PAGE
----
Imagine showing up to a party and find you're the only one in
the room. This is the lonely feeling many companies experience when
they complete their
initial public offering (IPO)
. These companies spend a great amount of energy preparing for
their debut, only to find little investor interest once they go
public. When their stock drops like a stone after the
party,depression can set in. But for some of these companies, it's
only a matter of time before their stocks regain strength.
FriendFinder Networks Inc. (NYSE:
rose a hefty 12% on Friday, July 7, perhaps on word the company had
resolved a major lawsuit the day before. FriendFinder -- which
operates dating websites, adult-oriented media properties and
religion-oriented sites -- looked like it was ready to bust out
after picking up fresh analyst coverage on June 22, when it rose
7%. This pop was the "
" pop that I wrote about
in this article
. Even with a pair of sharp one-day moves,shares still trade for
less than half their May 11 offering price of $10.
In the table below, there are a few of IPO wallflowers that may
still get asked to dance. Their
may lag now, but could move higher in coming months.
From this list, I've found three recent IPOs in particular that
have already started to show signs of improvement, making them
potentially profitable value plays. Here they are...
1. Boingo Wireless (Nasdaq:
At first glance, this
held little appeal to me. The provider of Wi-Fi "hot-spots" at more
than 300,000 locations would seem to be doomed by the advent of
all-you-can-eat data plans from wireless service providers.
But recent news that
wants to cap its users' data usage -- a move likely be copied by
rivals -- puts Boingo back in play. You could now argue consumers
will be better off subscribing to Boingo's plans in places such as
airports to avoid racking up the dreaded overage charges on their
wireless bills. This may explain why shares have moved up 20% since
bottoming out a month ago.
Despite the upward move, this is still a very cheap stock, trading
at around six times projected 2011
before interest, taxes,
). The charm of this business model is management can ratchet
spending up or down according to need and
. If demand is strong, then look for many more hot-spots to be
added. If demand cools, then look for the company to hold off
expanding and instead squeeze more cash flow out of each existing
hot-spot. Shares, recently trading at $9.50, could move up into the
mid-teens according to analysts who recently initiated coverage.
2. RenRen (Nasdaq:
After bottoming out one day after
I said it was "finally a bargain"
on June 23, shares of this Chinese social networking site have
risen for eight straight sessions until the market headed south on
Friday, July 8. All told, the stock moved up 68% in just two weeks.
The move comes as investors pour back into Chinese social media
have all rebounded in recent weeks as well.
The rotation back into RenRen and its peers has a reason. Concerns
have risen that the Chinese
may be cooling. The banking sector is dealing with a rising tide of
possibly delinquent construction loans and
is becoming more troublesome. However, any economic slowdown would
leave these consumer-facing web-based business models largely
unscathed as long as Internet consumption and advertising trends
continue to build.
As I noted a few weeks ago, RenRen is boosting sales at a fast
clip. Although shares aren't cheap based on traditional metrics,
investors are angling for a position with these potentially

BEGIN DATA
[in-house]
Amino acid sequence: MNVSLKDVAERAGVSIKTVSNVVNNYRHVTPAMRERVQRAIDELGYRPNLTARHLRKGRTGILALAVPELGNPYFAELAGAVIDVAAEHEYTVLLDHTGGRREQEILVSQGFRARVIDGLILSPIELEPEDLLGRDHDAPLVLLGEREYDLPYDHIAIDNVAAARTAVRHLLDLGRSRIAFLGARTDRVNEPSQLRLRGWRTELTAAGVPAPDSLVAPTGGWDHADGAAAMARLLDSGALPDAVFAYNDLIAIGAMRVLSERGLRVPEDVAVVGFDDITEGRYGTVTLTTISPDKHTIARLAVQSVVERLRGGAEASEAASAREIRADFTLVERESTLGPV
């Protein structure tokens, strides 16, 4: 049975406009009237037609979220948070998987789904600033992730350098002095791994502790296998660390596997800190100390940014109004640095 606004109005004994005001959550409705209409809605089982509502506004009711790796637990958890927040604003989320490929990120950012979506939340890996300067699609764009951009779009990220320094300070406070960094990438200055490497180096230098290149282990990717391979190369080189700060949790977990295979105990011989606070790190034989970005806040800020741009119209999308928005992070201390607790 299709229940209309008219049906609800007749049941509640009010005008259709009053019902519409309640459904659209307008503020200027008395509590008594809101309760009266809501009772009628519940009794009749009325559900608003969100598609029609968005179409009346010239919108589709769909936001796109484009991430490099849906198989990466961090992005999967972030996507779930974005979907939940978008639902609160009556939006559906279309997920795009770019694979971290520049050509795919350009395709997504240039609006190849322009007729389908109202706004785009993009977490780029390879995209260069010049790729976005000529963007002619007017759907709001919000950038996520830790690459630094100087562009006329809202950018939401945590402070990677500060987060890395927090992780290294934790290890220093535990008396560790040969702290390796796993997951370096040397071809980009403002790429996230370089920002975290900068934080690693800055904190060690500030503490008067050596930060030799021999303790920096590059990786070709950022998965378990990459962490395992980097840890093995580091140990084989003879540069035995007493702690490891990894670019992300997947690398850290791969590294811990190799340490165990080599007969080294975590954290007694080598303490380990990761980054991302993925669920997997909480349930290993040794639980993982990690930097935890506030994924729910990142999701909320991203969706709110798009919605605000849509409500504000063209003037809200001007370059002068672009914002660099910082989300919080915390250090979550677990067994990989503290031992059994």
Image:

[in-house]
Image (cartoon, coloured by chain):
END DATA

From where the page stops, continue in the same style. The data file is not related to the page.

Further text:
high-growth business models. I continue to think this is a name to
own, though you should know it can be volatile, as evidenced by the
initial swoon and subsequent sharp rebound. This stock is
definitely a play for the long-term, not the short-term.
2. NeoPhotonics Corp. (Nasdaq; NPTN)
I have some pity for the folks that bought into this February 2011
IPO, soon after it came public. Shares quickly soared from the low
teens up to $20 and stayed aloft until the earthquake in Japan. The
crisis made it quickly apparent that this maker of photon-based
semiconductors would take a deep hit to sales and profits. Five
months later, shares trade below $8.
It doesn't help that NeoPhotonics operates in the optical
networking space. This whole sector has been crushed this year by
key telecom service providers, which are slowing down orders to
. Even the firm's
, Merrill Lynch, concedes the business model is not especially
timely, noting that NeoPhotonics may suffer a hiccup as China's
Huawei, which represents more than 50% of sales, may need to put
the brakes on to reduce inventory of NeoPhotonics' chips as well.
Merrill launched coverage of NeoPhotonics back in March with a $12
price target, just as shares were starting to drift down through
the mid-teens. This price target was recently lowered to $11, which
is still 45% above the current price.
Right now, this is a value play until growth eventually returns.
The company is sitting on nearly $100 million in cash,
for about half its
. The stock has traded down to tangible
, which has likely put a floor in place. Shares trade for about one
times projected 2012 sales, which is half the average multiple seen
by optical networking stocks in the past 10 years.
Action to Take -->
These newly-public companies have seen their initial investors
exit. Too bad, because as new investors arrive to form a
shareholder base, look for support to build and shares to rise. As
a result, you may want to consider taking a position in at least
one of these names. These shares, which currently trade below their
offering price, may move back into the black in the quarters to
-- David Sterman
Disclosure: Neither David Sterman nor StreetAuthority, LLC hold
positions in any securities mentioned in this article.
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